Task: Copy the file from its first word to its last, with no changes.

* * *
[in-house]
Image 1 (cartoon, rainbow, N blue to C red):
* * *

[in-house]
Image 1 (cartoon, rainbow, N blue to C red):